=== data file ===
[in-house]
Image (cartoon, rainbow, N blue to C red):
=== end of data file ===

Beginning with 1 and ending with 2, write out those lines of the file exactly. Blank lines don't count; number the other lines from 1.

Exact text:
[in-house]
Image (cartoon, rainbow, N blue to C red):